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7 Ways to Curb Inflammation With Food
7 Ways to Curb Inflammation With Food
When faced with injury, cellular damage or disease, the body responds with one of two types of inflammation: acute or chronic. Acute inflammation, part of the body’s initial response to an injury or foreign pathogen, is immediate and involves a strong immune response that lasts only a few days. Chronic inflammation, on the other hand, is a persistent response to autoimmune reactions or foreign pathogens such as viruses. It also involves an immune response, in addition to other cellular and biochemical signals known as cytokines, growth factors and enzymes. These are known to cause damage to healthy tissue with prolonged exposure. Many diseases, such as cancer, cardiovascular disease, rheumatoid arthritis and celiac disease, are linked to chronic inflammation in the body.
Luckily, we can fight inflammation through healthy dietary and lifestyle changes. First and foremost, any anti-inflammatory diet needs to be built on a healthy foundation. This includes a balance of lean proteins and healthy fats with a wide range of colorful fruits, vegetables, grains and legumes. One way to do this is to follow the Mediterranean diet, known for its healthy unsaturated fats, lean meats and antioxidant-rich fruits and vegetables. Not only is this a wonderful way of eating overall, but research also validates its anti-inflammatory potential. In a study published in 2004 in the Journal of the American Medical Association, participants who followed the Mediterranean diet for two years had lower markers of inflammation. Similar results were found in another 2004 study published in the Journal of the American College of Cardiology.
Once the foundation is set, you can go an extra step by adding in specific nutrients and foods to prevent inflammation. One of the most researched is omega-3 fatty acids, which are polyunsaturated fats found in foods such as wild salmon, tuna, mackerel, walnuts, chia, flax and canola oil. Omega-3 fatty acids can reduce inflammation by acting as precursors to anti-inflammatory eicosanoids and inhibiting pro-inflammatory cytokines.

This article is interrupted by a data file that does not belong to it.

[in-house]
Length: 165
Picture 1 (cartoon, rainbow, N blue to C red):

A diet that includes foods rich in the antioxidants vitamin C, vitamin E and beta-carotene is also known to prevent and repair the damage caused by inflammation. In addition, lycopene, ursolic acid, lutein and other phytochemicals in plant foods can protect against inflammation. Some herbs and spices, including turmeric and ginger, are also known to have anti-inflammatory properties.
Ready to start your own personal battle against inflammation? Here are some tips to get you started:
- Follow a Mediterranean-style diet, rich in healthy fats like fish, olive oil and canola oil; colorful fruits and vegetables; whole grains such as whole wheat pasta and brown rice; and small amounts of lean meats such as skinless poultry breast.
- Eat more omega-3 fatty acids from sources such as wild salmon, tuna, mackerel, walnuts, flax, canola oil and omega-fortified eggs. Or talk to your physician about taking fish oil supplements that contain both EPA and DHA.
- Add monounsaturated fat from sources such as avocado, olive oil and almonds.
- Consume more antioxidant-rich fruits and vegetables full of vitamins C and E and beta-carotene. Vitamin C can be found in citrus fruits, green and red pepper, kiwi, tomatoes and broccoli. Vitamin E is in wheat germ, vegetable oils, nuts and seeds. Look to carrots, sweet potatoes, cantaloupe, red pepper, mango and broccoli for beta-carotene.
- Focus on the colorful fruits and vegetables for a hefty supply of phytochemicals such as lycopene (tomatoes, watermelon, grapefruit); lutein (dark green leafy vegetables); and ursolic acid (cranberries, prunes, apples).
- Cook with flavorful herbs and spices, such as ginger and turmeric. Ginger can be used in soups, stir fry and homemade tea. Turmeric is used to make curry, casseroles, soups and stews.
- Avoid processed foods, convenience foods and fast foods, which do not contain the healthful properties of an anti-inflammatory diet and contain excessive sodium, preservatives and saturated fats.
Anti-Inflammatory Meal Plan
Breakfast: Add ½ cup berries and ¼ cup shaved almonds to hot or cold cereal.
Snack: Eat fruit with low-fat or nonfat yogurt or cottage cheese.
Lunch: Have a salad with Romaine lettuce and at least three other vegetables that you enjoy, topped with beans or unsalted plain nuts and olive oil as a dressing.
Snack: Dip carrots in hummus.
Dinner: Have a stir-fry (using canola oil) including organic chicken; ground or grated ginger; and red, yellow and green peppers over brown rice.
Snack: Make a fruit smoothie with banana, strawberries, skim milk or nonfat yogurt, and a tablespoon of ground flax seed.
Jessica is currently responsible for all clinical operations at Meals to Heal, a complete solution to the needs of cancer patients—evidenced based information, access to credentialed nutrition professionals and affordable delivery of fresh, healthy, well-balanced meals. Prior to Meals to Heal, Jessica spent over 10 years as both an inpatient and outpatient oncology dietitian where she worked with a wide variety of cancer patients and was a valued member of the health care team. Jessica received a BS in Nutrition, Food and Agriculture from Cornell University; completed her Dietetic Internship at NewYork-Presbyterian Hospital Weill Cornell Medical Center; and earned an MS in Clinical Nutrition from the University of Medicine and Dentistry of New Jersey. She has a special interest in the role of nutrition and wellness in the prevention of chronic disease and cancer.
June 28th, 2012